When that first sip of coffee touches your soul

Coffee, Java, Caffe and the list goes on.

I’m not one for sitting in line waiting to order some new creation from a trained barista and then pay a ransom for it. For me, a mug of dark roast served black and bitter makes my morning. Surprisingly the darker roasts are less bitter than the lighter and medium roasts.

If you have followed any of my ramblings, you may have noticed that I like a lot of different things. I may make a recipe twice if I really like it, but more than likely I will mix things up. I think I am good at a little of this and a little of that.

Well I like to try different things so when Francene stomped on my idea to build a still I pouted for a while, then decided that if I couldn’t make vodka, I would roast my own coffee. What does coffee have to do with a still? depends on if you like Black Russians or The 44 Cordial (homemade orange and coffee liquor).

After doing my due-diligence on the web, reading a ton of articles, and comparing every roaster out there, I narrowed the field to the Behmor 5400/1600 and the Gene Cafe CBR-101 roasters.

The Behmor is designed for the coffee drinker that wants total repeat-ability and being able to continually develop ‘their’ blend.  You can program  developed profiles making your roast more consistent.

The Gen Cafe on the other hand is just a robust roaster.  It doesn’t look like like a toaster oven and will generate interesting conversations. It will smell great on the patio. Yes, the patio, you don’t want it smoking in the house, worse than a cigar.

So the roaster showed up with lots of little bags of green coffee. After trying to keep perfect notes and never reading them again I realized what I really wanted was a good mug of Java, strong, black and bitter, and Francene likes hers just the same. So I roast two to three 1/2 pound roasts a week and now we have something different every morning.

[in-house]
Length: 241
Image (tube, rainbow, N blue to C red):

Now the notes are just a list of what we don’t care for. So far, nothing is on the list.

So one week it might be

* Burundi Shembati Fully Washed 15+ Lot 38
* El Salvador Santa Leticia Las Ninfas Pacamara Full Natural

Next week it might be

* Ethiopian Washed Yirgacheffe Gr. 2 Dumerso Surafel Birhanu
* Costa Rican Tarrazu La Pastora
* Dominican Org. Ramirez Estate

I can’t enunciate them either, but it does look more impressive then ‘Bill’s morning blend’

If we find one roast a bit bitter and another too chocolaty we might blend them for a pot or two. Such fun, and we appreciate our morning coffee much more than we did when we had a 3 pound bag from Costco to go through

On a final note, the roaster can also be a multi-tasker, I have roasted almonds and pine nuts in it as well as coffee

After you have roasted your beans they should have at least 24 hours to degass. Like most foods light and air are not friends of your coffee beans after they have been roasted. I use the Mixpresso canisters as they have dials on the top to set a roast date and one way valves for letting carbon dioxide escape. Depending on the roast and the bean, degassing can take from 1 to 12 days.

Never grind or mill the coffee ahead of time as this also negatively affects the flavor we have worked so hard for. A fine grind will allow too much degassing too quickly as well as exposing the coffee to oxygen for too long, giving a stale flavor to your freshly roasted beans.

One of our desires is to use smaller trash containers and recycle more. We also have a small garden because our yard is small.

The used coffee grounds are acidic and are collected in a stainless steel kitchen compost bin and then spread around our roses, hydrangeas and rhododendrons. Our egg shells are crushed and spread around the tomatoes, as the calcium prevents bloom rot.

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